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EULAR Issues Updated Arthritis Guidelines
The European League Against Rheumatism (EULAR) has released updated recommendations for the management of rheumatoid arthritis (RA). According to this latest guidance, treatment with disease-modifying antirheumatic drugs (DMARDs) should be initiated as soon as a diagnosis of RA is made, with the aim of reaching a target of remission or low disease activity in every patient.
As first-line treatment, EULAR recommends that rheumatologists administer methotrexate (MTX) or combination therapy of MTX with other conventional synthetic DMARDs. Low-dose glucocorticoids should also be considered in combination with DMARDs for up to 6 months, but should be tapered as soon as clinically feasible.
“As already stated in 2010, by advocating the use of synthetic DMARDs rather than biologics as the first-line treatment, this approach avoids the over-treatment of 20% to 50% of patients with early RA, who will achieve the treatment target with such initial therapy,” said Professor Josef Smolen.
However, in patients who fail to respond to this treatment within 6 months, and when poor prognostic factors are present, biological DMARDs (tumor necrosis factor [TNF] inhibitors, abatacept, or tocilizumab — or, under certain circumstances, rituximab) should be administered in combination with MTX.
The document further recommends that patients who have failed to respond to an initial biologic DMARD should receive another biologic DMARD. Similarly, patients who have failed to respond to an initial TNF inhibitor may receive another TNF inhibitor, or a biologic with an alternative mode of action. If biologic treatment has failed, tofacitinib may be considered, where approved.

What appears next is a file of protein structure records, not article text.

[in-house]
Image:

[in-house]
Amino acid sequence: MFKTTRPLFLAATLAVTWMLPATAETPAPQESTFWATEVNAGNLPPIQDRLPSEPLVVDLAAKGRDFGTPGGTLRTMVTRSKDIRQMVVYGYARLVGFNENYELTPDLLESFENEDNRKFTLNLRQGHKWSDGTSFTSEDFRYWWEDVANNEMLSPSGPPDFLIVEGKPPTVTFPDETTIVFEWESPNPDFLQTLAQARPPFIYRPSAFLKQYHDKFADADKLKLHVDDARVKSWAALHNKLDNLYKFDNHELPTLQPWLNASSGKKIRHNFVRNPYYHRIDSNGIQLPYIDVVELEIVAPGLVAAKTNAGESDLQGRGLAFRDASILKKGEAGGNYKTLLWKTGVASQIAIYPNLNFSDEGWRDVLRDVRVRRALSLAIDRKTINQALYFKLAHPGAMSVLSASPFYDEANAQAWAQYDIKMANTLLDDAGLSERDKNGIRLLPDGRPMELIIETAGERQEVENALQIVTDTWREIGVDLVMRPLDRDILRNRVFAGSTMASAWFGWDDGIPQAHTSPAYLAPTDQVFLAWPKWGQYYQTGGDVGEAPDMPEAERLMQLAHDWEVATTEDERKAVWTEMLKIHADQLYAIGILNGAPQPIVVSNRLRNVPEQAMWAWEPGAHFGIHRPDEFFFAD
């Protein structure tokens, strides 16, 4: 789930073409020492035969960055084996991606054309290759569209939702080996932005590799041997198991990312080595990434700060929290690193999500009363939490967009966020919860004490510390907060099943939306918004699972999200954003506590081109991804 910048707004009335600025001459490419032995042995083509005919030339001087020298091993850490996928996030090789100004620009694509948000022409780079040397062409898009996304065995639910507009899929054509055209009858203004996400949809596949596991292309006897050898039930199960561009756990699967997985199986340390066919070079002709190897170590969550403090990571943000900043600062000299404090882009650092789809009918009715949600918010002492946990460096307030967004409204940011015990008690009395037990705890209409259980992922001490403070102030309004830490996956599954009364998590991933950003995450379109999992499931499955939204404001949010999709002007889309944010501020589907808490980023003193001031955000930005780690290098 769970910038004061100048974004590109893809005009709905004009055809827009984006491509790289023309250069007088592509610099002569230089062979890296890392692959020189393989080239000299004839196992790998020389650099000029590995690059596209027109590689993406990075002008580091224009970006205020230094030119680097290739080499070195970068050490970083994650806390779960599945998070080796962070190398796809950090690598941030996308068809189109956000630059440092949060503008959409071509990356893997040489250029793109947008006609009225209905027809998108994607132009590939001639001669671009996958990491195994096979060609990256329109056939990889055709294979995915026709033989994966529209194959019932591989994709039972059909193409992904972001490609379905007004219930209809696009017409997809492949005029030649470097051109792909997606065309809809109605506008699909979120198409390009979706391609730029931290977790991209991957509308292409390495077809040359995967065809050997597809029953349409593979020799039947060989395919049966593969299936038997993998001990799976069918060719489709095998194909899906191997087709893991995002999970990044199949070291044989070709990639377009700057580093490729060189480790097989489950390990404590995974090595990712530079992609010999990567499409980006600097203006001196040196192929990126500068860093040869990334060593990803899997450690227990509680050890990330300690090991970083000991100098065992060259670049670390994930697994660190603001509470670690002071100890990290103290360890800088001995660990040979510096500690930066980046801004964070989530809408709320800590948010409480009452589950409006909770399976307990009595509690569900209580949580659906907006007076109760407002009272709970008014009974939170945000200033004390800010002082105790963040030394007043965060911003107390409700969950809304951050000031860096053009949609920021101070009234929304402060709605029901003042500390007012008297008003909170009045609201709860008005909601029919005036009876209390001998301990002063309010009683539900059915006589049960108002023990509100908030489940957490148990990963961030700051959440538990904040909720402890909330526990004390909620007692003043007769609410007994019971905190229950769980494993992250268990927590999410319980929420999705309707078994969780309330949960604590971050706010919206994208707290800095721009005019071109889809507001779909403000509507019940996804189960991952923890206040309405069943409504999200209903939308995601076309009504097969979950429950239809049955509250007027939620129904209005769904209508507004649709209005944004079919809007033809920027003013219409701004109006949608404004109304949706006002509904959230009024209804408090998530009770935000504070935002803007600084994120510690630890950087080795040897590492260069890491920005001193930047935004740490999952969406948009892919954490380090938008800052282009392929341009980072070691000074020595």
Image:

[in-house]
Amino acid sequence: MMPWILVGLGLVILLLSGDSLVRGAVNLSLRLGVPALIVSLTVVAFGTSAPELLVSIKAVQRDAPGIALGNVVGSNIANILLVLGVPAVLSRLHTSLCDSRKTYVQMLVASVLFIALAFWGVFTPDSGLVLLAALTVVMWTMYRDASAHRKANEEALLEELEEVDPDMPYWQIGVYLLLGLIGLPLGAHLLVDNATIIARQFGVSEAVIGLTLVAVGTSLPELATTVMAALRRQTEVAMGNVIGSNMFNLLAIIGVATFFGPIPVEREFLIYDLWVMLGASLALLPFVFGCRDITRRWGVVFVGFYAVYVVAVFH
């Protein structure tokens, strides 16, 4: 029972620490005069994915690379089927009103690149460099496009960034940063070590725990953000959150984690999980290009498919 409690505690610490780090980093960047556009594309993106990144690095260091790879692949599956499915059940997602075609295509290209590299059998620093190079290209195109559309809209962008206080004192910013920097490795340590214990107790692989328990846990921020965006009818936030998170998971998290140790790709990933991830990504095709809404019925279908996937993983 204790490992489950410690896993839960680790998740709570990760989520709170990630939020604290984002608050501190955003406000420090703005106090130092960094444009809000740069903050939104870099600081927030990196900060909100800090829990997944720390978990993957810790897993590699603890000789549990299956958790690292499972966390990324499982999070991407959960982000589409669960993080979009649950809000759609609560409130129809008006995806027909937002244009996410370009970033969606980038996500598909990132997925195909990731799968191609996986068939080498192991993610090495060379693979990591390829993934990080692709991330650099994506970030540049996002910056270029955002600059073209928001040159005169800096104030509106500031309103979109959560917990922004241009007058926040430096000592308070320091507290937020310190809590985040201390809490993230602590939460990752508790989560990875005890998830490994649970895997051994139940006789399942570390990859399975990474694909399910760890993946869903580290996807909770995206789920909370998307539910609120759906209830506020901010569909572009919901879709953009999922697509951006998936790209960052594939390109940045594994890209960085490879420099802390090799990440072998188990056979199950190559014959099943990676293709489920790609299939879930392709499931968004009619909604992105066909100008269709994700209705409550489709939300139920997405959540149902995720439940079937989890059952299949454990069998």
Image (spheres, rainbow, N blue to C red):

If a patient has achieved persistent remission, and after having tapered glucocorticoids, clinicians should consider tapering the biological DMARD, particularly if the treatment is in combination with a conventional synthetic DMARD. In cases of sustained long-term remission, cautious dose-reduction of conventional synthetic DMARDs should be considered.
In addition to the latest treatment recommendations, the updated guidelines also contain a number of over-arching principles addressing patient care. The guidelines recommend that the primary healthcare provider to RA patients should be a rheumatologist. In addition, monitoring of disease activity should take place every 1 to 3 months, depending on the disease activity. Alterations to therapy should be considered if no improvement is observed by 3 months post-treatment, or if the target has not been reached by 6 months. Any initiation and adjustments of therapy should be made as a shared decision between the patient and the clinician, taking into account such factors as disease activity, the progression of structural damage, co-morbidities, and safety issues.
Source: EULAR; July 3, 2013.